arXiv.org Machine Learning

As deep neural networks continue to revolutionize various application domains, there is increasing interest in making these powerful models more understandable and interpretable, and narrowing down the causes of good and bad predictions. We focus on recurrent neural networks (RNNs), state of the art models in speech recognition and translation. Our approach to increasing interpretability is by combining an RNN with a hidden Markov model (HMM), a simpler and more transparent model. We explore various combinations of RNNs and HMMs: an HMM trained on LSTM states; a hybrid model where an HMM is trained first, then a small LSTM is given HMM state distributions and trained to fill in gaps in the HMM's performance; and a jointly trained hybrid model. We find that the LSTM and HMM learn complementary information about the features in the text.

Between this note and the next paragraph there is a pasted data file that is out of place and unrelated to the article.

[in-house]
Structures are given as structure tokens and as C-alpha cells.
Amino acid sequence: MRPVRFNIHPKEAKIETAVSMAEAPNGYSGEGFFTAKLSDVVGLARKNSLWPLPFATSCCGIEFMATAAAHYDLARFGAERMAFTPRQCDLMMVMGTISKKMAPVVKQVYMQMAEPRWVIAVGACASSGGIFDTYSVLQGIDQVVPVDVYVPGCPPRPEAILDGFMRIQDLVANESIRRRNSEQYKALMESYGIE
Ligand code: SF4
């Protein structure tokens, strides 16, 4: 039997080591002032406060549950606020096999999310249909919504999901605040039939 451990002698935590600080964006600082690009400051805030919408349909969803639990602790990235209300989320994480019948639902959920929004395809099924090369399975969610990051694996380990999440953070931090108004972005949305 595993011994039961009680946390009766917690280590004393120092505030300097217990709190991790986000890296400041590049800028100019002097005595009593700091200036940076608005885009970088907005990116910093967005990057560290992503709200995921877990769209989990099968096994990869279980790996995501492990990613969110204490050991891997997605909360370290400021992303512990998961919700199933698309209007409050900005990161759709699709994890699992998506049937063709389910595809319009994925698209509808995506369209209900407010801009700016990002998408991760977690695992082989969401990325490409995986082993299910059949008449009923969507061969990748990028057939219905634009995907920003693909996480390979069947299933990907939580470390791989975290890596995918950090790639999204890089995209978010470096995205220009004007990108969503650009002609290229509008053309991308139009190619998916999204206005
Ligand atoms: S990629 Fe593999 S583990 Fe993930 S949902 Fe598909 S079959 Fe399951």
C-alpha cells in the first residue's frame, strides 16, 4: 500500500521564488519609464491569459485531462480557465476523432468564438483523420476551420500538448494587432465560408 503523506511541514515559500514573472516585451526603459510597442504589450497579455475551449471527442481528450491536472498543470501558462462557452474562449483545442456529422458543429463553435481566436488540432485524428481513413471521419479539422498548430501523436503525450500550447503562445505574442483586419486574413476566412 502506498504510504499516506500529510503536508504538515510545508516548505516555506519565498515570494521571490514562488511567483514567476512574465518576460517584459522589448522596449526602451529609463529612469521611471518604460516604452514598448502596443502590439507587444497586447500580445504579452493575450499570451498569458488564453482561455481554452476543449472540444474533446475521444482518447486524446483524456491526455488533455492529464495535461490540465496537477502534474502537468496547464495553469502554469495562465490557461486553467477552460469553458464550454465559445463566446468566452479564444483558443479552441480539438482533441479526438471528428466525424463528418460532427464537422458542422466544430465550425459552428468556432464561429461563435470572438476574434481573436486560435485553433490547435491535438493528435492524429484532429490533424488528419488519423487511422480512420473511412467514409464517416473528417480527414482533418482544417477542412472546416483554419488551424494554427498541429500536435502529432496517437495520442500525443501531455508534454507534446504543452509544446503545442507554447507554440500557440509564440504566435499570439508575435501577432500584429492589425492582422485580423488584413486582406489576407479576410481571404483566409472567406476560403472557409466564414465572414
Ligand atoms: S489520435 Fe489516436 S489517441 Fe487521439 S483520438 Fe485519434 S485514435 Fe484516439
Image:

Google creates AI that can make its own plans and envisage consequences of its actions

The Independent

Google's artificial intelligence division is developing AI that can make its own plans. DeepMind says its "Imagination-Augmented Agents" can "imagine" the possible consequences of their actions, and interpret those simulations. They can then make the right decision for what it is they want to achieve. The I.F.O. is fuelled by eight electric engines, which is able to push the flying object to an estimated top speed of about 120mph. The giant human-like robot bears a striking resemblance to the military robots starring in the movie'Avatar' and is claimed as a world first by its creators from a South Korean robotic company Waseda University's saxophonist robot WAS-5, developed by professor Atsuo Takanishi and Kaptain Rock playing one string light saber guitar perform jam session A man looks at an exhibit entitled'Mimus' a giant industrial robot which has been reprogrammed to interact with humans during a photocall at the new Design Museum in South Kensington, London Electrification Guru Dr. Wolfgang Ziebart talks about the electric Jaguar I-PACE concept SUV before it was unveiled before the Los Angeles Auto Show in Los Angeles, California, U.S The Jaguar I-PACE Concept car is the start of a new era for Jaguar.